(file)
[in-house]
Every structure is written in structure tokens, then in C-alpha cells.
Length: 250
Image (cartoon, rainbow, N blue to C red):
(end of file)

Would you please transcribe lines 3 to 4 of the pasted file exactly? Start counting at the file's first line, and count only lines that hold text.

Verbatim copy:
Length: 250
Image (cartoon, rainbow, N blue to C red):